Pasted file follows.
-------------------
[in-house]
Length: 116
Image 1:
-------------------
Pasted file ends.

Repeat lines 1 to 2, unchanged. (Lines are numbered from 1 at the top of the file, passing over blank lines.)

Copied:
[in-house]
Length: 116